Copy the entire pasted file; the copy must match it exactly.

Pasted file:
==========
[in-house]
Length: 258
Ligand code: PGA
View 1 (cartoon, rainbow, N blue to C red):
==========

[in-house]
Length: 258
Ligand code: PGA
View 1 (cartoon, rainbow, N blue to C red):